The Mother’s City, Cape Town, is home to numerous historical sites and landmarks such as the breath-taking view of the Peninsula and the ever-magnificent Table Mountain. I could go on all day about the various sites and beauties that can be located in and around the city but that’s just one Google search away.
Cape Town’s notorious nightlife attraction Long Street is the most frequented night club spot in the city that both the locals (myself included) as well as thousands of foreigners flock to night by night. The city’s streets are popular for their constant aura of flamboyance with the aforementioned being the most notable, however it is another that is the so called unsung hero of the ‘Cape streets’.
Roeland Street is located on the outskirts of the hustle and bustle of this vibrant and welcoming city. Just a few minutes away from the Central Business District (CBD) this long stretch of road is able to provide a really unique Cape Town experience with the house of Parliament being situated right at the foot of the road, almost as if it is the main entrance to The Mother’s City.
A simple walk of this street provides you with the different elements of everyday life with the sounds of cars on the busy road, children’s laughter at a nearby school and the calls of the infamous minibus taxis.
Roeland Street essentially has everything ranging from the people all the way up to the House of Parliament. Petrol and fire stations, schools, grocery stores, gyms, car and motorbike dealerships, coffee shops, pubs and takeaways, the list go on and on.
This busy stretch of road is a vital part of the ‘Cape Town way’ as there are so many different cultures on display at any given moment. The working culture, exhibited by the constant flow of traffic going both in and out of Roeland Street as well as the men and women dressed in their suits and dresses or working apparel that can be seen during a day’s work. The culture of schooling is made quite apparent due to the fact that a high school as well as two tertiary education institutions can be seen on this long stretch of road.
It is not only a place of work and learning but a place of leisure too as a result of the numerous selections of pubs and social hangout zones that are accessible throughout the day and well into the evening; provided that you are of age.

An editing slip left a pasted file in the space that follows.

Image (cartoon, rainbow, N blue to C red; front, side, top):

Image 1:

Apart from Parliament, one of the bigger attractions came in the form of a car dealership, ‘Viglietti Motors’ where some of the world’s most luxurious, expensive and beautiful Ferrari’s were for sale as well as on show. Funny enough, this eye-catching showroom was situated right next to the very individuals who are (in some cases) working towards owning one of these beautiful pieces of machinery. Situated right next the Ferrari dealership is a tertiary education institution by the name of Cape Peninsula University of Technology (CPUT).
Yes, I used the past tense when referring to the car dealership as a result of the showroom being moved elsewhere which can be seen as a positive in the sense that there aren’t too many more distractions.
As I mentioned previously, Roeland Street is home to two higher learning institutions in CPUT as well as City Varsity where students mix with both folk of the working world as well as their respective peers.
While on the topic of students and the aforementioned street it was only just a few months back that protesting students had clashed with police forces right on the doorsteps of Parliament as a result of the #FeesMustFall protests. A struggle that has yet to be resolved but the events are still very much alive in the memories of those who were on hand to this momentously historic incident.
Perhaps the biggest dampener to a street consisting of such zest and character is that the most recent memory involves the inexplicable actions of police forces who had essentially assaulted unarmed students right at the front door of the House of Parliament.
In a sense, the common nature of Roeland Street is what makes it so fascinating. I, myself learned that as I took a stroll down this lively road. With everything casually ‘normal as it ought to be’ I found myself very short of words. However the further I diverged down the path of Roeland I came to realise just how important ordinary life is to such a simple, yet spectacular street.